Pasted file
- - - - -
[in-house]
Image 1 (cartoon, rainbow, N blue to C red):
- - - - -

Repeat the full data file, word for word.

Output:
[in-house]
Image 1 (cartoon, rainbow, N blue to C red):